Think Fast! I remember these words from a silly game we played as kids. Hearing these dreaded words meant when you turn to see what was happening, there was a basketball already headed towards your head and only quick reflexes would keep you from getting knocked in the noggin. A variation of the game was to wait until someone had their lunch tray, shout “think fast!” and see if they would drop their tray in reaction even though nothing at all was coming at them. I never understood the point, other than adolescent boys express fondness by constantly testing each other.
Some days I feel like I am in a big, cosmic game of Think Fast. Living in the 21st century is like being on a crowded playground with several games happening at once, each one demanding part of my attention. React to the Frisbee, and toss it quickly to answer the phone. Balance the check book and pay bills while jumping rope. Plan dinner while waiting a turn at bat. Check in with family during the quick time out before free throws. Think Fast! And that is the expected stuff, without taking into account weather, poor health, or family crises.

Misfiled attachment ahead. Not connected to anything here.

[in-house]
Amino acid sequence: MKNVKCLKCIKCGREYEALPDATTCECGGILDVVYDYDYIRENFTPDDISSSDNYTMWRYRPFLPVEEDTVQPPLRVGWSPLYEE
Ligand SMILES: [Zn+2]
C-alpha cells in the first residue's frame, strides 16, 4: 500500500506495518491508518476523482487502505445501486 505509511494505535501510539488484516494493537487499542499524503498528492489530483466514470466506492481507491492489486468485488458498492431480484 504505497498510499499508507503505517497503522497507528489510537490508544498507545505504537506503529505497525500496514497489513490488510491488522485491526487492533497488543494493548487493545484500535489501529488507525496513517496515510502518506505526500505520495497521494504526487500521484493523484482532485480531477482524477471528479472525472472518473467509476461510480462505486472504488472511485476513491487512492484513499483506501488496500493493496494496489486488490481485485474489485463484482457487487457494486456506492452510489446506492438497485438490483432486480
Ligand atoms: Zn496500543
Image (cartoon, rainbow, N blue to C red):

Too much thinking fast leads to an anxious life, and it feels impossible to make all the right moves as we careen through the day. We need space to “think slow.” As much as I enjoyed recess and games, I also loved time in school to just sit at my desk and read and be alone with my thoughts.
As you look at the church calendar, it looks busy in the month of December, with caroling, candle-lighting, potlucks, and pageants; Hanging the Greens and Christmas Eve. I encourage you to see these events as a time to “think slow.” Advent rituals serve to ground us in the reality of God that underlies all our being and all our days. Advent is the beginning of the church calendar, a season when we are called to watch and wait, to stop doing our thing and prepare the way for God’s thing.